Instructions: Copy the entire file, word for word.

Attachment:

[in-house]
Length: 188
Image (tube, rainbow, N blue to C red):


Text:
[in-house]
Length: 188
Image (tube, rainbow, N blue to C red):